New Life for Defunct Coal Dock?
Jan. 10, 2014
The former Traverse City Light & Power (TCL&P) coal dock off M-22 in Greilickville has been dormant for a decade. Now water-based collaborative Discovery Center Great Lakes is proposing a massive redevelopment for the waterfront parcel into a dynamic attraction and economic driver.
But one big discussion looms: Disposal of an asset – in this case, an extremely valuable one – that the city-owned utility no longer needs and the resulting benefit to city residents. The coal dock’s marina basin is currently used by the Tall Ship Manitou and the Maritime Heritage Alliance for some of its fleet, but the area is gated and closed to the public. The TCLP-owned utility has expressed an interest in getting rid of the property.
The Discovery Center Great Lakes consists of The Watershed Center, the Great Lakes Children’s Museum, the Maritime Heritage Alliance and Traverse Area Community Sailing. Three of the four nonprofits operate opposite the coal dock on land donated by Mike Dow to Rotary Camps & Services in 2006. The collaborative recently presented an ambitious plan to the TCL&P board of directors for a marina district – a project that will celebrate the water and give the public endless opportunities to enjoy it.
Among the proposed uses: a fishing pier, deep water port of call for cruise ships, a base for the Tall Ship fleet, local sailing teams and charter fishing boats, a maritime history education center and a water taxi to Power Island and Clinch Park. The multi-million and multi-phased proposal also includes improvements to the Children’s Museum and the Maritime Heritage Alliance.
In addition, an adjacent private marina would offer market rate slip rentals – and a revenue stream for the nonprofits. Short term, parking would be provided on a section of the coal dock itself, with long-term plans calling for a pedestrian bridge over M-22. The entire Discovery Center presentation to TCL&P can be viewed here (starting at the 16 minute mark and lasting 30 minutes).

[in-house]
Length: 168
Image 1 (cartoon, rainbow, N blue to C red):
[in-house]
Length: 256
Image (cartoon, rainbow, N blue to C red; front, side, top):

“This would be a major waterfront attraction, giving people access to the water and boating in a variety of ways, and a major economic driver,” says Wills, a development consultant and chairman of the Discovery Center.
It also would come at no cost to taxpayers, Wills says, with funding coming from a fundraising campaign and bank loans.
While TCL&P owns the property and has the capability to facilitate such a plan, it does require support of the City to do so. To dispose of property it has to be declared “surplus” and the city has to agree.
Wills tells The Ticker that some pressure exists “out there” to convey the property to the City, viewing it as a valuable asset for which the City needs a return.
Profit is not the motive of Discovery Center project, Wills explains. “The community is the beneficiary in a million different ways,” he said. “This is a unique and key piece of property. The short-term land value pales in comparison to its long-term public use.”
“If the property is conveyed to the City, you do lose some of the options,” Wills adds.
Traverse City Mayor Michael Estes says this proposal has prompted a much larger discussion regarding the process for disposal of L&P property that best serves Traverse City residents.
A joint meeting between the utility and City Commission to address various issues facing TCL&P that are of interest to the public is planned for late January/early February.
“This is about how this type of request should occur and the long-term interests,” says Estes. “That’s where we have to start.”Comment